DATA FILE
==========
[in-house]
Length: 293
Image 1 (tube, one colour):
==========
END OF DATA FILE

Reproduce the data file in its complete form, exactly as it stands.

[in-house]
Length: 293
Image 1 (tube, one colour):